by Curtis Lanclos
I am not a huge fan of the Transformers movie franchise. The special effects are top notch; but as is the case with the Jurassic Park film family, each movie appeared to be an exercise in essentially the same story being retold.
When it was announced a prequel movie focusing on the Bumblebee character would be produced, I was moderately interested because I heard it would be set in 1987 (when the actual Transformer toy line was at the height of its success). When Bumblebee was released (on December 21, 2018), I still didn’t rush out to see it. In fact, I waited almost 2 months.
Finally I saw Bumblebee with my 14-year-old son 3 days ago, and surprisingly both of us LOVED it. For me, the ’80s music cues by Howard Jones, Bon Jovi, the Smiths, Duran Duran, etc. made it an amazing retro experience. Additionally, there were clever references to ’80s movies like The Breakfast Club.
However, from my perspective I can’t help but think there were two additional and ever-so-subtle references to my favorite decade in this movie. When the filmmakers were casting it, they enlisted two actors whose characters resemble two ’80s movie characters at similar ages 30-something years ago. Oddly enough, both of the ’80s actors potentially being channeled were co-stars in two different John Cusack films.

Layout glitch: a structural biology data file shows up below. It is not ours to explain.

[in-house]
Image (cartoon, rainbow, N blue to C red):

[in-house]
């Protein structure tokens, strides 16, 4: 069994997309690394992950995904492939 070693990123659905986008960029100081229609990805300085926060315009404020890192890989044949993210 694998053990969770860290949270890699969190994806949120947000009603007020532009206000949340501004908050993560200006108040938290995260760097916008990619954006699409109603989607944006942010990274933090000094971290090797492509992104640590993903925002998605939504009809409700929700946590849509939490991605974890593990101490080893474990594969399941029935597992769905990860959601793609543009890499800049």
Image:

First, there was the leading actress Hailee Steinfeld, who played protagonist Charlie Watson. It was about halfway through the movie I realized she reminded me quite a bit of the Corey Flood character in 1989’s Say Anything…, portrayed by Lili Taylor. In other photographs I found of Steinfeld (not associated with this movie), she really doesn’t resemble Taylor at all; but within the confines of Bumblebee, her character’s appearance and mannerisms clearly emulate (in my estimation, anyway) those of Lloyd Dobler’s best friend.
Incidentally, today (February 20, 2019) is Lili Taylor’s 52nd birthday!
The other resemblance I detected was in Charlie’s younger brother Otis, played by Jason Drucker. Every time I saw him onscreen, I kept hearing “I want my TWO DOLLARS!” in my head. The paperboy who made that line famous was Johnny Gasparini, played by Demian Slade in the 1985 movie Better Off Dead. Minus the perm, I thought Drucker was a bit of a dead ringer for Slade (although he does look a bit like a young Frankie Muniz as well).
Again, I’m not sure if all of this was intentional, or if it’s just my interpretation. I’ve found nothing in the press or otherwise which confirms or denies it. One thing is certain, however; Bumblebee is an excellent film, and if you grew up in the ’80s like me, you’ll enjoy the retro feel if nothing else.